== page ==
|July 12. 2004 6:01AM|
|Local doctor helping physicians beat drugs
Sun medical writer
Dr. Ken Thompson uses his experience as a former addict
to help others.
Dr. Gary Malakoff of prestigious George Washington University Medical Center had been referred for treatment of a suspected addiction in 1999. Malakoff is just one of an estimated 4 to 6 percent of doctors who become hooked on drugs (and as many as 15 percent on alcohol) during the course of their working lives.
Thompson is another.
The 53-year-old physician is the medical director of the Florida Recovery Center, located at Shands at Vista, an 81-bed psychiatric facility off NW 39th Avenue. He is also a recovering addict who walked the bumpy road to recovery himself.
Last week, Thompson appeared on "Good Morning America" to talk about the price some health care professionals — doctors, nurses, pharmacists — pay to beat their own addictions. He has treated more than 10,000 patients who suffer from chemical dependency, and more than 1,700 were in health care.
The 1977 graduate of Jefferson Medical College in Philadelphia said he shares his story in order to help others.
It began in his first year of medical school, Thompson said, when he was given Percodan, an opiate, to ease the pain of a kidney stone. It gave him, he recalls, "The most wonderful feeling I'd ever had."
When a relative passed away in his last year of medical school, leaving behind several bottles of Percodan, Thompson appropriated them, "just to take every now and then."
That quickly escalated to everyday use, he said.
"By the time I entered my residency, I had devised all sorts of devious ways to get meds, from writing my own prescriptions to forging prescriptions in other people's names," Thompson said.
He kept seeking more drugs just to cover the terrible withdrawal symptoms he suffered. In 1979, he was arrested for prescription fraud.
That wasn't where he bottomed out, however. He completed his residency and moved to Florida with his family to practice as an internist, but couldn't escape the pull of the drugs.
"People would probably have said I was a great doctor, but my home life was falling apart," he admits. "I was a bad husband, absent and irritable. I wasn't available to my kids."
Eventually, the toppling dominoes crashed into his practice and the state of Florida intervened. He entered a recovery program and now dates his sobriety from Feb. 22, 1987.
"I had an awful lot of shame," he said. "It was bad enough being an addict, but being a physician-addict — what would people think of me?"
Thompson said in working with addicted professionals, the last place to where their drug use becomes apparent is the workplace. Their home life can be catastrophic, their finances can be terrible, but they will maintain their practice. On the outside it looks good.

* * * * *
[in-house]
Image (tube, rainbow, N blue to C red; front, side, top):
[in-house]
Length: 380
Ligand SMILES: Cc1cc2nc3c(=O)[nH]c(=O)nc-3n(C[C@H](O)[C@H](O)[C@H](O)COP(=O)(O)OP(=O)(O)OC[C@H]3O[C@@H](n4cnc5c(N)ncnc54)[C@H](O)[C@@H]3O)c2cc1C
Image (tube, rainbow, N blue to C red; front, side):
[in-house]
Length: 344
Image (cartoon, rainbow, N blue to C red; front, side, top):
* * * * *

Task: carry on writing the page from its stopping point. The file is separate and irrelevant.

"Addiction is not the result of life problems, but rather the cause. It requires treatment that specifically addresses the addiction," he said. "I was blessed that the treatment providers who cared for me understood that."
For nurses seeking help, there is the Intervention Project for Nurses, and for physicians, the Professional Resource Network, or PRN. The doctor who contacts PRN will be evaluated for chemical dependency, and a course of treatment recommended. They are guaranteed confidentiality — at least at this point.
They will be followed, usually for five years, Thompson said. They will attend weekly group sessions and submit to random drug screening. If they don't follow through, they can be reported to the Department of Health. That puts their professional license in jeopardy.
Between July 1 of last year and this June 30, 16 physicians and 147 nurses in Florida had an emergency suspension or restriction of their license or an administrative complaint filed against them due to drug or alcohol impairment, according to Department of Health figures.
"Then the administrative hand of the law comes down, they are investigated, and it becomes public knowledge," Thompson said.
The prognosis for doctors in the program is good, according to Thompson. Studies show that more than 90 percent of physicians maintain their sobriety after first-time treatment over a five-year period.
Physicians are not allowed to work if they have an untreated alcohol or drug problem, even if they show no signs of impairment, Thompson explained. If they complete treatment, show no findings of impairment and have sufficient coping skills and a support network to maintain their sobriety, they are allowed to return to work.
"The hammer and the carrot make the difference," he said. "Participate and you get to keep your license, but you have to follow the plan. If you lose your license, you lose your career."
Thompson spent five months in treatment, then worked in a warehouse before returning to work as a physician in an emergency care center. He was monitored for five years, with restrictions that included not being able to write prescriptions for some kinds of drugs.
In 1989, he entered the growing field of addiction medicine and in 1999 joined the University of Florida College of Medicine's psychiatry department as an associate professor.
The lesson to be learned from his story, he says, is this: Doctors have difficulty asking for help, but addiction is a very treatable illness.
"It is the exception to the rule when a physician who goes through treatment doesn't return to work."